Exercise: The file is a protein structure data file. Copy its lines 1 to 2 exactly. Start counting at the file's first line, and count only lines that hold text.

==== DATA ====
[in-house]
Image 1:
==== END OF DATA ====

[in-house]
Image 1: